My name is Natasha Manoli. I currently work at Irwin Mitchell Solicitors as a Payments Administrator in the Court of Protection department. I’ve been working at this reputable law firm since the second year of my qualifying law degree (Where I was a filing clerk in the Public Law and Human Rights department originally).
I went straight into studying the LLB after college. When I started university, I ended up pickingFamily Law, Real Estate, Human Rights, Wills and Succession, Criminal Litigation and Evidence and Employment Law.
I started my journey at college. I studied law as a BTEC at Aquinas College. I did wish I had taken the course as an actual A Level but after the many GCSE exams in high school, I wanted a bit of a break from exams at college. When I was in college, I originally wanted to go into criminal law and even thought of being a barrister!
My mum has always been my inspiration. She told me that she had been a policewoman before I was born. I was rather intrigued about going down the police route, maybe even being a special constable. I even went to police cadets. As I was learning in college, I soon realised that I didn’t want to do criminal law as there are so many different laws to learn and potentially get into. I also didn’t think going into policing wasn’t a good idea for me, as I felt that you’re only limited to sorting out justice for other people’s crimes.
I’ve always been someone who wants to help people. So anything business law related isn’t something that interests me. I am very interested in specialising in Special Educational Needs Law (It can also been known as Education Law). This is because for a year, I volunteered as a tribunal helpline volunteer at a legal charity called IPSEA (Independent Provider of Special Educational Advice). I helped parents who were taking their local authority to the tribunal. These children and young people with disabilities and/or needs are very vulnerable and they are the children of the future despite their special educational needs. It is so important for these children to have an exceptional education, in order to have a great adulthood. I am also interested in Mental Capacity Law, Family Law, Personal Injury and Medical Negligence.
The LPC is definitely a huge leap from the LLB. It requires a lot of independent reading and studying before tutorials/workshops. But, I am enjoying it at the same time as it’s about being practical in the office and court.. I’m rather glad I took the course part-time as I can still fit in the required studying and work full-time and learn more of the department I’m in, make contacts and have that loyalty in a great law firm.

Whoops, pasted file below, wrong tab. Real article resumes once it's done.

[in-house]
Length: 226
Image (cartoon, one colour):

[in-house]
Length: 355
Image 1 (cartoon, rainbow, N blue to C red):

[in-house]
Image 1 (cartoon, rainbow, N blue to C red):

My legal education has benefited me with my current role at Irwin Mitchell. I am currently trying to get a paralegal role, and I’ve had a fair few virtual interviews to which I’ve not been successful (Due to no paralegal experience prior). I am hoping that I can work my way towards a paralegal role (As there is an opportunity to be promoted to one in my role now). Its all about working your way up the ladder!
Always have breaks and don’t burn yourself out. I remember in my second year of university, I revised non-stop for exams. I currently live with my parents, so they noticed how sleep deprived and stressed out I was (They were very concerned). I would go to sleep with a headache and just seeing words and cases floating around my head every time I shut my eyes. Then when I got my exam results, I didn’t do as good as I thought I would at all (only just scraping a pass in one exam), so it became counter-productive. You’re not a machine. Your mind and body need the rest. I now no longer work all through the night, I stop studying/revising at 10pm. I have since then been used to creating weekly plans and making hour slots for revision and including days off.
I started my legal Instagram from my third year of the LLB, and still continue to use it for the LPC. I hope I can help as many people as I can in their law journeys.
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